I am a mom now, myself, so I understand the unwavering love of a child that would inspire one to share a meme like this on social media. It’s unusual for people not to place their beloved-departed on a pedestal. Don’t I do it, too? Of course. But I’m an adult, and I know my mother wasn’t perfect; even for me. Just the same, words about my mom randomly come to my lips that don’t need to be shared in present company, in that particular moment. So I wait. Catching my words and considering them before I speak just doesn’t come naturally. Or easily. But, I’m learning to be the gate keeper of my mouth because it helps me focus on what’s in front of me; on this new thing springing forth.

This Mother’s Day is my first official celebration with April. I’m so grateful that this year, I have her: a real live mom to hug and deliver a card to. April deserves nothing less than my respect and appreciation, because she said “yes” to much more than my dad when he proposed.

I am still blown away that the Lord saw fit to patch the void that tragic loss and heartbreak left wide open. I was beginning to think it would be something I’d just have to bear.

I’m not trying to butter April up, but I do hope these words will bless her. Because #1. She needs to know I’m not comparing. And #2. I am thankful for everything she said “yes” to. And more importantly, #3. From her view up in heaven, I know my mom is happy about this arrangement, too. From the very start, we all knew it wasn’t good for my dad to be alone, and that God was preparing just the right person for the second go-round. Now that April’s by his side, the love trickles down from there, and we will all benefit as it multiplies and grows.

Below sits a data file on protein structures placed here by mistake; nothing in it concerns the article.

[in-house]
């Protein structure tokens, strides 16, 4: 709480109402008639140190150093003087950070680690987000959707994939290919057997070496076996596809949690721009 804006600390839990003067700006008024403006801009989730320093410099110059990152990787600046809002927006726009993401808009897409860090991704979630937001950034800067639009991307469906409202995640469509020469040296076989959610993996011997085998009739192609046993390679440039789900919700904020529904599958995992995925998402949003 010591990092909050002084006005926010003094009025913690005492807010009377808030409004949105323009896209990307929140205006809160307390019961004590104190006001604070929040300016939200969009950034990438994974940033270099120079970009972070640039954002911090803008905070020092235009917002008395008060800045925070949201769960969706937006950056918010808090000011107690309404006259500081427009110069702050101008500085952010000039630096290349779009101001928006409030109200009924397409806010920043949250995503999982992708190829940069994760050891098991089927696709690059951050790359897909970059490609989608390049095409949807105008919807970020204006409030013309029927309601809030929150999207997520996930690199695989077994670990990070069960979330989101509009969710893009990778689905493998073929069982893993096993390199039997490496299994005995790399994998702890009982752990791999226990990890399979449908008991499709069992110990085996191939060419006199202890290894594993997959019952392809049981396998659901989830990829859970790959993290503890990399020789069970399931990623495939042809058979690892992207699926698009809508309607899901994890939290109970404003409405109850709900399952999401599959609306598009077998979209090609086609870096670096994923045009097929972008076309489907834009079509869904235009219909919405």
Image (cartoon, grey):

On Mother’s Day, every mother deserves a tangible token of honor. Trouble is, we know when it comes from the heart. Or not. Finding a way to be simply thankful – not over the top, not under the bar – is a tricky dance for fathers and their children everywhere. My kids are at the age where they can make their own cards, pick their own flowers, say their own words. But they’ll need a guide (hint, hint, Hubby!). As for me, my guide will be my own father. I actually have two of those as well; one earthly, the other Heavenly. With them as guides, I have no doubts I’ll find the proper way to show my appreciation for the hard work April does to love me and my broken heart.

That meme was right, at least, on one point. No one can replace my mom. The role she played in my life – her love and guidance – is a solid part of my identity now. Just as a potter throws marred clay onto the wheel to be re-formed, she is part of what’s being made new.

Stephanie Ross

Stephanie is a kindergarten teacher turned homeschool mom. She’s finally living the off-grid homesteading dream (that took about a decade to agree on) with her hubby and three girls. For her, writing is a way to get the words out without having to talk; though she really loves to talk. Her favorite person to talk with (mom) has been in heaven for eleven years. She writes about living with grief, parenting, and relationships.